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Install help for a newbie, please!

863 Views 11 Replies 6 Participants Last post by  2dogz
Hello, this is my first post, and I have a few basic questions for my new install. Please be kind!

First, a bit of background. I recently purchased my first home. It's a bit of a fixer-upper, but that's cool as I'm young and was looking for a place like this one. It's got two stories, and the lower has a lowered ceiling with easily removable panels which makes it easy to get to all the wiring in the house. Anyway, it had been wired into every room with rg-59 wiring, so I promptly ripped all that out. I want to rewire it with "the good stuff", but not sure who makes the "good stuff", but from what I've seen it should be rg-6 quad, correct?

The D*TV guy came out yesterday to install the dish, and the best spot for it due to trees was in the backyard (an added plus as I didn't want it on my roof). It's on a pole about 6 feet off the ground, and it's the "slimline" model, with 4 outputs. The pole is roughly 100 feet from the house. I'd like to run all 4 lines into the house and bury that cable, but am unsure what type of cable can and can't be buried, and if it should be buried inside of something, such as pvc pipe or something.

Also, he didn't ground my dish, what's the best way to do this for a dish 100 feet form the house?

All 4 lines will run underground to the house, where they will go through the exterior brick wall and into the laundry room downstairs (again, it has a drop down ceiling). At this point, with only 2 receivers (one HR-20 and one older SD Tivo), I won't need any more than the 4 lines I already have, but if I ever need more, here is where I'll put a "splitter" or whatever the technical term is.

At this point, all wiring will be internal, and since I'm doing all the wiring now, I'm hoping to run 2 lines to every room that might one day have a TV (but again, only will be using 2 to living room and 2 to bedroom right now).

Is the same rg-6 quad shield what to use for these runs as well? Do I need to get special cable connectors for connecting the external runs to the internal runs in my laundry room? Do I need to get special wall sockets for the ends of the internal runs? I'm just under the impression that your signal transfer from dish to receiver will only be as good as the "weakest link" in your chain. Am I under the right impression with that?

A little help and guidance would be greatly appreciated. I would like to do this right the first time, but I don't have an endless budget having just purchased the house....

Thanks a bunch for any and all guidance you might have.
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matttyl315 said:
ut not sure who makes the "good stuff", but from what I've seen it should be rg-6 quad, correct?
No need for Quad unless [ and i tell this to all people ] you plan to run it by some cell phone towers and micro waves. But do make sure you get solid copper conductor wire. This is required by D*
matttyl315 said:
but am unsure what type of cable can and can't be buried, and if it should be buried inside of something, such as pvc pipe or something.
There is special 'flooded' cable which adds a layer of silicone in the wire in case it gets punctured. But it is narly to work with and if you burry some PVC pipe you can forgo that.
matttyl315 said:
Also, he didn't ground my dish, what's the best way to do this for a dish 100 feet form the house?
Normally one of the wires; most often dual wire; has a #17 ground wire attached to it. You can replace two of the runs with such wire.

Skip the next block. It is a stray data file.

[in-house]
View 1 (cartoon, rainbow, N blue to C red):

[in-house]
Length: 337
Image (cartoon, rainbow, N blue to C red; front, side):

matttyl315 said:
here is where I'll put a "splitter" or whatever the technical term is.
Multiswitch

matttyl315 said:
Is the same rg-6 quad shield what to use for these runs as well?
No just as much overkill there.

matttyl315 said:
Do I need to get special cable connectors for connecting the external runs to the internal runs in my laundry room?
Not really. D* recommends PPC EX6XL connections bot for inside and out. Make sure that all outside connectors [ at ground block and such ] are properly tightened and weatherproofed [ drip/service loops; dielectric grease ]

matttyl315 said:
Do I need to get special wall sockets for the ends of the internal runs?
Make sure the wall plates have high frequency barrels in them. They can be recognized with a colored rather then white dielectric.
matttyl315 said:
I'm just under the impression that your signal transfer from dish to receiver will only be as good as the "weakest link" in your chain. Am I under the right impression with that?
Yes.

Shameless plug: If you need wire or and other supply feel free to PM me.
"Compression" connectors.
Quad shield is a bit like "monster cables", in that most of us don't use it. If you are next to a TV transmitter, then maybe.

Belden solid copper core should be/is fine.

"The splitter", would be a multi-switch, since your can't split a SAT signal.

If you're going to bury the cable, I'd go with 1 1/2" conduit [I did on my third round of digging it up].
Congratulations on your new house, and welcome to the forums.

You want to use RG6 with solid copper center conductor (as opposed to copper clad steel which is common). You may or may not need quad shield, probably not, but it won't hurt to have it.

With only the two DVRs, you simply use barrel connectors to cross-connect the lines from the dish to the lines going to the rooms with the DVRs. Once you grow beyond that, you need a multiswitch to get more connections. The Zinwell WB68 is the specific multiswitch you will need. Depending on how long the coax runs are from the utility room to the various tv locations, you might also need a power inserter/phase locker from Sonora. In that case, you will also need power available where your coax cross-connects are located.

Carl
Mertzen said:
Make sure the wall plates have high frequency barrels in them. They can be recognized with a colored rather then white dielectric.
This is the only part of your very good reply that I can "pick on".